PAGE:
Ischemic heart disease is the leading cause of death in the United States and Europe. Advances in therapy have resulted in improved survival of patients suffering from acute myocardial infarction (MI). However, this improvement has led to an increase in the number of patients surviving with chronic coronary artery disease (CAD). Many of these patients require revascularization. Some may develop complications such as thrombus formation or ventricular aneurysm. Other patients present with chronic exercise-induced chest pain (angina) and may require revascularization, depending on their residual viable myocardium and coronary artery anatomy. Ischemic heart disease is a leading cause of heart failure, and differentiation from other cardiomyopathies that may cause heart failure is paramount to guide appropriate therapy.
Since 2000, substantial progress has been made in magnetic resonance imaging (MRI) hardware and software development such that cardiovascular MRI can now be considered a first-line modality in the evaluation of many facets of ischemic heart disease. For example, advances in coil design coupled with parallel acquisition techniques have resulted in significant shortening of examination time. A complete cardiac examination can now be performed in as little as 30 to 45 minutes. New pulse sequences provide improved visualization of irreversibly scarred myocardium in vivo with a precision that is unparalleled by any other modality. This chapter reviews the information MRI can provide that is useful in the evaluation of ischemic heart disease and its complications.
When considering the utility of cardiac magnetic resonance (CMR) imaging for the evaluation of ischemic heart disease, it may be useful first to consider the effects of ischemia on the myocardium at a tissue level because many of these events have MRI correlates. Myocardial ischemia reflects an imbalance between myocardial oxygen supply and demand, most often (but not exclusively) as a result of CAD. The initiating event in this ischemic cascade is the reduction of perfusion to less than the level needed to support myocardial metabolism. This process causes metabolic disorders at the tissue level, which then result in diastolic dysfunction, followed shortly by systolic dysfunction. If the imbalance persists, electrocardiogram (ECG) abnormalities may ensue, and symptomatic chest pain may develop.If the ischemic deficit is of sufficient severity and duration, MI will result. This deficit occurs first in the subendocardium, but with prolonged ischemia, it may extend to involve the full thickness of the myocardium in a given segment. Indeed, if the ischemic injury persists for a period of time without restoration of normal epicardial coronary flow, not only myocytes supplied by the respective artery die, but also endothelial cells at the precapillary and capillary level in the region of infarction may undergo necrosis. In the acute phase, the infarcted myocardium is usually thickened and edematous, whereas chronic MIs typically show thinning of the affected segments, with diminished function.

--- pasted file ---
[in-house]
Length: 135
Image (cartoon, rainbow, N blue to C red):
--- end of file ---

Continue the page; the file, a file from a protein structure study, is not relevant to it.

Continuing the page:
Restoration of flow may not immediately result in restoration of function even in the absence of MI because the metabolic deficit may take some time to recover. Myocardial stunning describes reversible myocardial dysfunction resulting from an acute ischemic insult that resolves before myocardial necrosis in the affected tissue. In addition, a slowly developing, chronic reduction in myocardial blood flow has been postulated to result in myocardial “hibernation,” a state of chronic myocardial dysfunction often accompanied by thinning of the affected segments. This state is believed to result from a downregulation of myocyte metabolism and ultrastructure to match its chronically impaired blood supply. This condition is also thought to be a reversible form of myocardial dysfunction.
The foregoing physiologic and anatomic abnormalities that are caused by ischemic injury can be well characterized using a variety of CMR techniques. For example, perfusion MRI allows detection of impaired perfusion occurring as a result of a significant coronary artery stenosis. Areas of segmental wall motion abnormality representing systolic and diastolic dysfunction can be clearly visualized using cine MRI. Global and regional myocardial function can be quantified accurately. MI can be visualized in both the acute and chronic phases by using the delayed enhancement MRI (DE-MRI) technique, which is widely recognized as the gold standard imaging test for the detection of MI and for the determination of myocardial viability ( Table 28-1 ).
|Physiologic Abnormalities||CMR Imaging Correlates|
|Decreased perfusion||Focal deficit on perfusion imaging|
|Metabolic derangements||Spectroscopic abnormalities (research)|
|Wall motion abnormalities||Cine imaging abnormalities (regional or global)|
|Myocardial infarction||Delayed enhancement on DE-MRI|